To see more from Xavi Bou’s Ornitographies, a chronophotography project of shapes generated by birds in flight, visit his website here and click “The Project.” If you’re like me and it doesn’t occur to you right away to scroll sideways, my recommendation is to scroll sideways.


I have moved on to (back to?) Amy Krouse Rosenthal’s earlier book, Encyclopedia of an Ordinary Life, and am enchanted by a section she called “What my friends were confused by as children.” (This section is preceded by an account of the things she, Amy, was confused by as a child.) Here’s one: I thought the basement of department stores would fill up with steps from the escalator pushing them down all day. And another: I thought that when my parents were little the world was in black and white because all the pictures of them were black and white.

The anecdotes are funny and cute, but I also want to believe that Amy was pointing out that being a child requires a flexibility of thinking that being an adult doesn’t really. When existence demands of you that you go around figuring things out all the time, just in order to make some initial semblance of sense of it all, it keeps you in better contemplative and creative shape than when existence doesn’t require it (ie in adulthood when you’ve got reality All Figured Out).

This, from poet Sara Holbrook, who found some questions on a Texas achievement test, about poems she herself wrote, difficult to answer:


I have a tendency to get a little ranty about this subject, as I have always considered it risky business to teach a young person that it’s possible to know what someone else meant when they wrote something.  It’s not that I don’t think it can be interesting or edifying to speculate about what someone might have meant, but to imagine that we can know without asking, or let anyone have the authority of knowing, yikes.  Anyway, because I have the aforementioned ranty-ness tendency, I liked this characterization from Sara Holbrook.  Big baloney sandwich.  I found a triangular (lover of words and math that I am) drawing of one here to really drive the point home for myself.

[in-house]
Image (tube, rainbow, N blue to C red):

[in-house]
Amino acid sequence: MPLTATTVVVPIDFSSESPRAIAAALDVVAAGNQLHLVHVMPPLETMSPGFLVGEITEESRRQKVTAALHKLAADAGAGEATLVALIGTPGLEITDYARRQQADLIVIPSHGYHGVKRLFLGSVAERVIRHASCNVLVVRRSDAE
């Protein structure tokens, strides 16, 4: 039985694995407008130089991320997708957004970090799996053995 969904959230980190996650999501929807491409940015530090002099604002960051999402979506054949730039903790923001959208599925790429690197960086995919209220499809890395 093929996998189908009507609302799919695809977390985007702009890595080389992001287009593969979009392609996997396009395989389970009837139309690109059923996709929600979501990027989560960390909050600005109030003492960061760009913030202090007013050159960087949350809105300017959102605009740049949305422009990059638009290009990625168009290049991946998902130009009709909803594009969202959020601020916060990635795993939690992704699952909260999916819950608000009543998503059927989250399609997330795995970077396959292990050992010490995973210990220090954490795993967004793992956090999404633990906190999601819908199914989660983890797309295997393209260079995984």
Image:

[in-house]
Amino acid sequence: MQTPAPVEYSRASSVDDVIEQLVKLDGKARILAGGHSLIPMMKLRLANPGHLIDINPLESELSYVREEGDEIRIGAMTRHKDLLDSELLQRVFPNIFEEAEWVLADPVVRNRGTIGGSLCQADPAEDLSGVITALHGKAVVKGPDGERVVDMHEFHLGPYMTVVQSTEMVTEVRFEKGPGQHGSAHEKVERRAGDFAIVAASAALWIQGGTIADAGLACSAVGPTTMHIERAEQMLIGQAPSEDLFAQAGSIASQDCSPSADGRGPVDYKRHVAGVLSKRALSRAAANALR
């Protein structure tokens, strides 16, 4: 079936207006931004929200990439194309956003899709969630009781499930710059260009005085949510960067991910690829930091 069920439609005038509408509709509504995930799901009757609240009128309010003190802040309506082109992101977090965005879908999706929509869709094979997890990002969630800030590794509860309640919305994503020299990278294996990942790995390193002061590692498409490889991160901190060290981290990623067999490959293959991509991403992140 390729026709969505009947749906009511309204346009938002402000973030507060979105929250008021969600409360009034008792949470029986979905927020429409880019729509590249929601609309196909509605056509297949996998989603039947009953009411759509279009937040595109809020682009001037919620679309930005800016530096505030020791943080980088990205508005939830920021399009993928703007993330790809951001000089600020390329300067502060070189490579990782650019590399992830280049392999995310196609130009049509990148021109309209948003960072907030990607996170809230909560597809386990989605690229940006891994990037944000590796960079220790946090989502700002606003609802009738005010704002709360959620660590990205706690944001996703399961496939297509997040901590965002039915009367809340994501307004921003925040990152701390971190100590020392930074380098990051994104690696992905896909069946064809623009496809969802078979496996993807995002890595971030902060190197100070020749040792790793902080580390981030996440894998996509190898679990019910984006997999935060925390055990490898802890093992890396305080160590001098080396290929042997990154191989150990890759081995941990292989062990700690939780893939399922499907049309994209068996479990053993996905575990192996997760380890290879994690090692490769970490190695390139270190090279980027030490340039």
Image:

I’m rereading George Dennison’s The Lives of Children and was floored by this passage regarding the role of an adult in the life of a young person:


“…elders of the community rather than heads of organizations…”

More on that here in an old post.

lexical visualization

The other day I talked with an 11 year-old who wishes he were better at spelling.  He told me (as many do) that when he writes a word he can tell if it’s not the right spelling but he often can’t figure out how to fix what’s not right.  We talked about how this is a funny thing about the brain – if you know something when you see it, and you know not something when you see that, how could you be unable to generate the something itself? The answer, of course, is some version of this fact: receptive language (what you hear and process) and productive language (what you say) are not one process.  We don’t have the same access to brain files when it comes to receiving and producing.

Later the same day I was reading more of Dan Roam and trying a drawing exercise in which I had to represent, in simple sketches, a few different popular cities.  For Paris, of course, I attempted to draw the Eiffel Tower. I realized I was having the same trouble with the drawing as my young friend has with spelling.  I know the Eiffel Tower when I see it, and I can draw all the shapes it would require to represent it adequately for someone else to be able to recognize it, but I couldn’t quite manage to pull together well enough the knowledge that makes it recognizable to me and my ability to assemble shapes into drawings to get it right enough.

Dan Roam has me convinced that it’s not too late for me to learn to do it, and my young spelling friend and I have been talking about how to use his extensive lexicon of recognized words when he’s trying to spell one.  It, like the drawing, seems to benefit from involving the eye.  The teaching of spelling has traditionally relied heavily upon the ear – “sounding out” – but for many young people who have become competent readers (and thus have an extensive collection of recognized words in their brains), the eye and the visual memory offer a steadier more reliable sensory  assist.